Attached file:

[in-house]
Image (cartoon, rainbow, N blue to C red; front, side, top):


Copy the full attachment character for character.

[in-house]
Image (cartoon, rainbow, N blue to C red; front, side, top):